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According to the Urology Care Foundation, women are at greater risk for UI than men because they have a shorter urethra than men. As a result, any weakness or damage to the urethra in a woman is more likely to cause urinary incontinence. This is because there is less muscle keeping the urine in your bladder until you are ready to urinate.
Alternative And Complementary Therapies
The treatment of urinary incontinence varies depending on the cause of the bladder control problem. In most cases, a physician will try the simplest treatment approach before resorting to medication or surgery.
Bladder Habit Training This is the first approach for treating most incontinence issues. The goal is to establish a regular urination schedule with set intervals between urination. A doctor will usually recommend urinating at one-hour intervals and gradually increasing the intervals between urination over time.
Pelvic Muscle Exercises Also called Kegel exercises , this exercise routine helps strengthen weak pelvic muscles and improve bladder control.
The person contracts the muscles used to keep in urine, holds the contraction for 4 to 10 seconds, then relaxes the muscles for the same amount of time.
It may take weeks or months of regular pelvic exercise to show improvement.
Another way to perform Kegel exercises is to interrupt the flow of urine for several seconds while urinating.
What Is Poor Bladder Control
People with poor bladder control may:
- Have accidents and leak urine. This is called urinary incontinence
- Need to hurry to get to the toilet to pass urine
- Wet themselves before they can get to the toilet
- Go to the toilet often through the day
- Be woken up more than once a night by the need to empty their bladder
- Leak urine when they get up from a bed or chair
- Leak urine when they lift, laugh, cough or sneeze wet themselves and be unaware of it
- Have a stream that stops and starts instead of a smooth flow wet the bed.
Other Types Of Incontinence
Overflow, functional, and transient incontinence, as well as bedwetting, are other types of incontinence, according to MedlinePlus.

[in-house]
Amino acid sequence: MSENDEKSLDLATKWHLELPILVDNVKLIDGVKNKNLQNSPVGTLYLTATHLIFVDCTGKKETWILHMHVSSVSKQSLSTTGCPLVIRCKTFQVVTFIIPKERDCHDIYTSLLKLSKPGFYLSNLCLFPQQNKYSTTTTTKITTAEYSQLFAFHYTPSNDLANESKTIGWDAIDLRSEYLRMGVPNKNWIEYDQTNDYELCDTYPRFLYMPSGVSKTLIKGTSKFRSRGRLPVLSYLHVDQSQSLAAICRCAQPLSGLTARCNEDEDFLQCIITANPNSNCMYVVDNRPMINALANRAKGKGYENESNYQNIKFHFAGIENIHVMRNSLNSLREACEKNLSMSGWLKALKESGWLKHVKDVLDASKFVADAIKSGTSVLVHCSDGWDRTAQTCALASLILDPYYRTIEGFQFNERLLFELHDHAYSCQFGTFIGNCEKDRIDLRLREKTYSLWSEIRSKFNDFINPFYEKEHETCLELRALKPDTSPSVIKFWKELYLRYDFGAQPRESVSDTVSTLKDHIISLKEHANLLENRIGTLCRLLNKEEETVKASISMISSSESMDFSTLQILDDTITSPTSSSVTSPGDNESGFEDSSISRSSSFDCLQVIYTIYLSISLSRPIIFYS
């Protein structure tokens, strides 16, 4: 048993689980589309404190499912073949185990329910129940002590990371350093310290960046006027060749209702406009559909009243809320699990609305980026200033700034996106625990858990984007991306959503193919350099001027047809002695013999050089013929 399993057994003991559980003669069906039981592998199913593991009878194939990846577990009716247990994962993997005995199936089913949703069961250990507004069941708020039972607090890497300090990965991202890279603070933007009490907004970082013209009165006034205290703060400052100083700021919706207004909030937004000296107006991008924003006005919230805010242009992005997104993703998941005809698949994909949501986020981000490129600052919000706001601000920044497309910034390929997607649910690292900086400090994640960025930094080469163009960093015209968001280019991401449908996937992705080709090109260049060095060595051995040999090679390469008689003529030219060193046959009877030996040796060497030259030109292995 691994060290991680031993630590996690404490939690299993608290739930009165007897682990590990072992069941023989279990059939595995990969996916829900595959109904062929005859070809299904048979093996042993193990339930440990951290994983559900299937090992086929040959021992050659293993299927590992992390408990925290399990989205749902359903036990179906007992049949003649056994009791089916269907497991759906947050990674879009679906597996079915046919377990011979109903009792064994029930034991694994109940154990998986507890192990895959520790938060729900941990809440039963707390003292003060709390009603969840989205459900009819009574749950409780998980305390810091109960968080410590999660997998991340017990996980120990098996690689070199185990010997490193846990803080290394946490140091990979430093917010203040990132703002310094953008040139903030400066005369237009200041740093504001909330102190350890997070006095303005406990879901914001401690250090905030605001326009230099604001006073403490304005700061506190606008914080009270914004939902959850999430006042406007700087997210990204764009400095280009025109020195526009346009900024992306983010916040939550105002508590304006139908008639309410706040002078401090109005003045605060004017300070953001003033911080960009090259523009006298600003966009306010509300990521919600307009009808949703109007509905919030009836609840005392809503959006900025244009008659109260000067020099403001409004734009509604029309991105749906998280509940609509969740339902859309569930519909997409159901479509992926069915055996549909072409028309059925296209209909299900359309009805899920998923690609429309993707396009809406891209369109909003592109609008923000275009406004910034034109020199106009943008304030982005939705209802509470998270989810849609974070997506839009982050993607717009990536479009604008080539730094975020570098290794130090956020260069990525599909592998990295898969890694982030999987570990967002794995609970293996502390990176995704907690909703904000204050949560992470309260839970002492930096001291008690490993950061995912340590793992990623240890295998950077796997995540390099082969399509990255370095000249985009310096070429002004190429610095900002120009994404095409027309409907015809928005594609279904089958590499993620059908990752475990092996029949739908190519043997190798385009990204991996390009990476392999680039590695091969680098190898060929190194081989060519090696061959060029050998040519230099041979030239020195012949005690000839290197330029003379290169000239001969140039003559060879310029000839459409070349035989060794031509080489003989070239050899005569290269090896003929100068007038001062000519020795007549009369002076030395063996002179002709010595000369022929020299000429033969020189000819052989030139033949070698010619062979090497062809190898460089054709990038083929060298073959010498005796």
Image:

Overflow incontinence happens when you have too much urine in your bladder. Functional incontinence occurs when urine leaks as a result of disabilities or other physical problems. Transient incontinence occurs when something causes the incontinence but disappears when the cause is eliminated. Bedwetting happens exclusively when someone leaks urine while asleep.
Bladder Leakage 3 Things Women Should Know About Urinary Incontinence
To dispel misconceptions, a urogynecologist discusses the surprisingly common, lingering issue many women experience.
Bladder leakage. For some women, the condition runs their life from the inside, preventing them from playing outside with their kids, going to a workout class or staying the night with family or friends.
And theyre not alone. Living with some degree of urinary incontinence, defined as an uncontrolled leakage of urine, is actually common, according to Pamela Fairchild, M.D., a urogynecologist at Von Voigtlander Womans Hospital at Michigan Medicine.
She says that approximately half of all women over the age of 20 experience some degree of incontinence. This means urinary incontinence isnt just an issue that affects elderly or postpartum women, although aging and childbirth are risk factors.
But if so many women experience it, then why does the topic still seem embarrassing?
Women get the sense that this is inevitable, that its a natural part of aging and they have to live with it, says Fairchild. This false perception leaves women feeling powerless, even though there are ways to greatly improve their quality of life.
To help overcome the stigma, Fairchild shared three facts about urinary incontinence that all women should know.
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How Urinary Incontinence Is Treated
Initially, your GP may suggest some simple measures to see if they help improve your symptoms. These may include:
- lifestyle changes, such as losing weight and cutting down on caffeine and alcohol
- pelvic floor exercises taught by a specialist
- bladder training guided by a specialist
You may also benefit from the use of incontinence products, such as absorbent pads and hand-held urinals .
If you are still unable to manage your symptoms, medication may be recommended.
Surgery may also be considered. The specific procedures suitable for you will depend on the type of incontinence you have.
Surgical treatments for stress incontinence, such as tape or sling procedures, are used to reduce pressure on the bladder, or strengthen the muscles that control urination.
Operations to treat urge incontinence include enlarging the bladder or implanting a device that stimulates the nerve that controls the detrusor muscles.